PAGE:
For over 22 years, The AIDS Initiative of The Actors Fund has been helping members of the entertainment industry living with HIV/AIDS cope with the extraordinary health care challenges as well as the financial and emotional crises brought on by the disease on both a short and long-term basis. The collaboration between BC/EFA and The Actors Fund’s AIDS Initiative is a model for how an industry can respond effectively and with compassion to the AIDS crisis. The AIDS Initiative provides a full spectrum of essential support services, including emergency financial assistance for basic necessities such as rent and health insurance payments, case management referrals to other sources of community and public assistance, benefits advocacy and counseling and support groups for people with HIV/AIDS, their partners, families and caregivers. Since its inception in 1988, with your extraordinary and continued support, The AIDS Initiative has received over $36 million from Broadway Cares / Equity Fights AIDS (of a grant total of $52 million provided by BC/EFA to The Actors Fund from 1988 to 2009). But how did this all begin? Where did it start?
AIDS, previously known as G.R.I.D. (Gay-related immune deficiency), was first reported by the U.S. Centers for Disease Control on June 5, 1981. The New York Times followed nearly a month later with its first, short article about the disease that appeared under the headline “Rare Cancer Seen in 41 Homosexuals.” By the end of that year, 121 deaths had been documented and by 1987, AIDS had killed over 17,000 people in the United States; over 9,000 in New York City alone. With scientists unable to identify the cause of the disease, let alone any kind of viable treatment, those suffering faced incredible stigma. Ostracism, discrimination and even violence against infected individuals as well as those perceived to be infected was rampant. People with AIDS or displaying symptoms of the disease often lost their jobs and their apartments. Often abandoned by families, shunned by neighbors and with a shamefully dismissive and then ruefully slow response from government and established social service providers, the sick were left with little means of support. People were literally left to die, in understaffed hospital wards or bedridden at home, unwanted and alone.
By 1987 AIDS was having an undeniable effect on the Broadway community. With no respite in sight, Equity Fights AIDS was created by the Actors’ Equity Council in November of that year as one of the nation’s first industry-based AIDS funding efforts.
Colleen Dewhurst, then president of Actors’ Equity Association, had already lost many friends and colleagues to the dreaded disease and was quick to champion the new committee and its determination to do something, anything, to reach out with funds and assistance to sick and dying members of the theatre community. Tom Viola, who would later become executive director of BC/EFA, was Ms. Dewhurst’s assistant. “The committee’s first grassroots efforts, though very small compared to what we do today, would not have happened without her,” he remembers. “Colleen not only dared to speak out publicly when very few would, but her personal enthusiasm and the respect she had long held within the industry created an enduring support that toppled any question as to why the union was bothering with this issue. People who had been desperate to do something rallied together quickly and with great spirit.” As fundraising efforts were planned, it was wisely determined early on that the money raised by Equity Fights AIDS would support the newly created AIDS Initiative of The Actors Fund.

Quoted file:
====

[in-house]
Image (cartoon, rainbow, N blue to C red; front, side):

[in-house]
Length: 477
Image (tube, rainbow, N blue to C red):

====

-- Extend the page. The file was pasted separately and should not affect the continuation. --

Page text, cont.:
“It was an amazing time,” says Eric Stamm, The AIDS Initiative’s first coordinator from 1988 to 2001. “Equity Fights AIDS provided The Actors Fund with much needed funding to meet the rapid expansion of the program. Simultaneously, Broadway producers created a separate organization, Broadway Cares, which provided grants to organizations in the city and across the country offering services for people with AIDS and their families, including The Actors Fund through its shared fundraising efforts with Equity Fights AIDS. All this happened in about six months. That quickly, we were running The Actors Fund’s first dedicated social service program, The AIDS Initiative.”
He goes on to say, “It was unusual because it was also a kind of huge ‘coming out’ for the Broadway community. Something people just didn’t discuss was suddenly at the forefront of the movement. I’m still impressed with how quickly everyone disregarded any sense of prejudice and did whatever they could to raise money. I learned that there was a difference between ‘cure’ and ‘healing.’ We were able to create a safe, healing environment for people who were dealing with overwhelming challenges, even as in many cases they faced their own eminent deaths.”
The caseload at The AIDS Initiative tripled every six months in those first years with, at the same time, over a third of the program’s clients dying within a year. Elizabeth Avedon, a social worker with The AIDS Initiative for 16 years, explains, “Until the meds (protease inhibitors) came out in ’96, you’d meet a client and wonder how long they were going to live. The main thing was to be as supportive as possible and make their dying as comfortable as possible. In the 1980s, every moment was triage; so many decisions informed by trauma. Our work and the lives of our clients and so many who loved them were filled with unrelenting grief and extraordinary anger.”